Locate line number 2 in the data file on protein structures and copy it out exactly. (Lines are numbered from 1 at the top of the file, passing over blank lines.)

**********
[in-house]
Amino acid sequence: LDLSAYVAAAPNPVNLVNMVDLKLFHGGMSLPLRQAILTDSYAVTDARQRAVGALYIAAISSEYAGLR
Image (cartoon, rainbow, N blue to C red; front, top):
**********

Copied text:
Amino acid sequence: LDLSAYVAAAPNPVNLVNMVDLKLFHGGMSLPLRQAILTDSYAVTDARQRAVGALYIAAISSEYAGLR